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      New rules for Occupy Syracuse protestors

      Perseverance Park will no longer be home to 24 hour protestors. At a meeting on Tuesday afternoon, the Syracuse Urban Renewal Agency , who owns the park, will now have the right to call on police to remove anyone who sets up camp on the property. Perseverance Park has been home to the Occupy Syracuse protestors since October.

      Mayor Stephanie Miner had allowed occupy protestors to set up tents in Perseverance Park but the Occupy encampment on South Salina Street was dismantled by police on January 18th. Speaking with protestors at a meeting on Tuesday, Miner said the privilege ended when inspections by the Syracuse Fire Chief showed the occupy encampment wouldn't follow safety guidelines.

      "He came back and said we had found propane heaters, propane tanks and propane gases, took pictures of them and had to seize them," said Miner.

      Miner added that the leadership of Occupy Syracuse failed to live up to multiple agreements she had made with them.

      The tents and sleeping bags were removed from the park but protestors have stayed on site 24 hours a day with just chairs and tables.

      Perseverance Park is owned by the Syracuse Urban Renewal Agency. On Tuesday afternoon, Miner and the agency's board voted to put rules in place that would treat it like any other city park. Miner said it will be closed from dusk to dawn and protestors will have to leave every night.

      Some protestors understood why the city needed to put rules in place but felt the Occupy Syracuse movement had been unfairly targeted.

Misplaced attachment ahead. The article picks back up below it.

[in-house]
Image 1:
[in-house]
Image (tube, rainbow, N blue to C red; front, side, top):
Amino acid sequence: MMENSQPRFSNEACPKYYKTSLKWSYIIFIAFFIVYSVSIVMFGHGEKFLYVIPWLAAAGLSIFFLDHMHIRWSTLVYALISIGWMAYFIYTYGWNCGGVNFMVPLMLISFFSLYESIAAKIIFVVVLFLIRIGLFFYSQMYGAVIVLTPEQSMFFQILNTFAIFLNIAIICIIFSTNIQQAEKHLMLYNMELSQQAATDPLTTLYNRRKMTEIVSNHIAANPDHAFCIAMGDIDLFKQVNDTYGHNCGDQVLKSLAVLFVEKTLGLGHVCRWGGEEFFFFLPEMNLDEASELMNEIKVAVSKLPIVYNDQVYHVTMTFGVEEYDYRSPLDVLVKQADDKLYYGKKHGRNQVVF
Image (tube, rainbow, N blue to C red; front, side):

"They can take our tents, they can take our spot but they can't take our motivation, our cause," said protestor Aaron Williams.

      The park may close but under federal law, the protesters can remain on the sidewalk 24 hours a day as long as they don't obstruct it. Several protestors at the site on Tuesday evening said they planned to stay on the sidewalk every night so their message would continue to get out.

      "We'll definitely rise above it. I mean, when they took down our tents they thought that would be the end of Occupy Syracuse but we came back. And they think that by adding a few more stipulations and rules that they'll take us down - but no -we're going to come back. We did it once, we'll do it again," said protestor Jeremy Bailey.

      It's not clear when police will actually enforce the park's hours. Syracuse Police Chief Frank Fowler said he will give occupy protestors at least 24 hours notice before closing the park.

      The Occupy Syracuse group released a statement calling this an "attack on free expression and the First Amendment rights of Occupy Syracuse." The group says it will continue its protests, but may have to move out onto the sidewalk.

      The Occupy encampment on South Salina Street was taken down after the city claimed the tents were not safe and were a fire hazard.